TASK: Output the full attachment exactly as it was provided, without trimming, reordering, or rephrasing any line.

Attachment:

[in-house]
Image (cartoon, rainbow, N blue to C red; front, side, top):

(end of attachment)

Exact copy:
[in-house]
Image (cartoon, rainbow, N blue to C red; front, side, top):